Bob Holz, “Jammin’ Man,” from Visions: Coast to Coast Connection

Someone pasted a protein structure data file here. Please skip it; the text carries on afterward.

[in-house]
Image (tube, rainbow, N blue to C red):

Bob Holz is a veteran drummer with a broad reach across styles. Early training at the Berklee College of Music — where he apprenticed with fusion stalwart Dave Weckl and jazz icon Billy Cobham — provided a strong jazz foundation, and in the ensuing years, he has accompanied luminaries of the genre such as David Fathead Newman, Randy Brecker and Larry Coryell. But he also maintains a fastidious life as a drummer for crossover artists, playing for such heavy hitters as Robben Ford, Peter Tosh, Shemkiaa Copeland, Dr. John, Three Dog Night, Blue Oyster Cult and George Clinton/ Parliament Funkadelic. Fittingly, Holz’s latest album, Visions: Coast to Coast Connection, promotes a message of musical bridge-building and inclusion. Not only does it draw from various styles — ranging from fusion to blues to rock to reggae — but it also employs a crack team of musicians from across the United States, including Brecker and former Mahavishnu Orchestra bassist Ralphe Armstrong. (There’s some international star power as well, courtesy of Italian saxophonist Ada Rovatti and Austrian guitarist Alex Machacek.) And on the reggae-fusion track “Jammin’ Man,” the band is augmented by bassist Stanley Clarke, whose solo intertwines whip-cracking slap-bass with fluid single-note runs in the upper register. Beneath all that, Holz’s precision hi-hat revs along like a well-calibrated engine.